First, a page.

References

 

Crow, S. R. (2010). Children’s Choice Book Award Programs: Effective Weapons in the Battle to Get and Keep Kids Reading. School Library Monthly, 26(9), 12-13.  Retrieved from http://search.proquest.com/docview/89189790?accountid=10344

Hateley, E. (2012). And the Winner Is…?: Thinking About Australian Book Awards in the Library. The Australian Library Journal, 61(3), 189-199. doi:10.1080/00049670.2012.10736074

 

Merga, M. K. (2014). What would make them read more? Insights from Western Australian adolescents. Asia Pacific Journal of Education, 1-16. doi:10.1080/02188791.2014.961898

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One thought on “INF330: Young people’s book awards

  1. Promoting reading to young adults is an important part of our role as librarians (Preddy, 2010, pp. xv-xvi) and I found your blog interesting to read and showed some of the reasons why and how we can encourage young adults to read more. I really liked the way you used ThingLink to create an interactive tool to encourage reading for young adults.
    It has been shown that as children get older they begin to stop reading as much as they did due to increasing activities. With so many entertainment options and educational demands competing for time, reading is not the highest thing on young adults minds (Owen, 2003).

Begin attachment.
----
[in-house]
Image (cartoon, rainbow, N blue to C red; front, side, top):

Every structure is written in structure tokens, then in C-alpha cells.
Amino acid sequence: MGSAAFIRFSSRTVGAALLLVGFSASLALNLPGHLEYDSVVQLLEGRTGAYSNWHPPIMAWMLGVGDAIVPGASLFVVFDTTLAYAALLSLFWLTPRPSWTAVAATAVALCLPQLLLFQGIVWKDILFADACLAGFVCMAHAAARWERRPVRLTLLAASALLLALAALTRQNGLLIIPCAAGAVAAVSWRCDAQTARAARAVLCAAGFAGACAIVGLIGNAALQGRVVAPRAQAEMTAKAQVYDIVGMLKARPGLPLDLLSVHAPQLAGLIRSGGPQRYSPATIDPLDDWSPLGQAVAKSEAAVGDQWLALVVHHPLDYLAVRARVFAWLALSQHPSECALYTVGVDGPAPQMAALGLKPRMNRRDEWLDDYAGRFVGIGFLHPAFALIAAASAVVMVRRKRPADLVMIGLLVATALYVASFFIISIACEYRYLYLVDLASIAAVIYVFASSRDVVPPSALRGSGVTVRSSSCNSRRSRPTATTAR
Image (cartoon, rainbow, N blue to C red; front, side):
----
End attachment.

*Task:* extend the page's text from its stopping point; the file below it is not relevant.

Libraries and librarians are in a perfect position to promote, encourage, teach, support and engage young adults in the importance of reading.
    Young adults live in a world where social media is a way of life (Braun, Martin, & Urquhart, 2010, p. 63). So where is the best place to reach them? in the online world of course. Young adults enjoy sharing their likes and dislikes with their peers and they also value the recommendations and opinions of their fellow peers.
    Any way possible we can help reach young adults and encourage reading is a positive. In my blog about book awards and young adults reading I looked at a study that examined what would make young adults read more and it showed that students struggle to find books they might enjoy reading and students also commented it would be good to have resources that would assist them in finding books they might enjoy (Merga, 2014, p. 6). Therefore I thought your idea of using an interactive presentation to bring together a range of resources to encourage reading was a great way to actively promote book awards and help young adults discover new books.
    References:
    Braun, L. W., Martin, H. J., & Urquhart, C. (2010). Risky business: taking and managing risks in library services for teens. Chicago: American Library Association

    Merga, M. K. (2014): What would make them read more? Insights from Western Australian adolescents, Asia Pacific Journal of Education, 1-16. doi:10.1080/02188791.2014.961898

    Owen, M. (2003). Developing a love of reading: why young adult literature is important. Orana, 39(1), 11

    Preddy, L. B. (2010). Social readers: promoting reading in the 21st centrury. Santa Barbara, California: Libraries Unlimited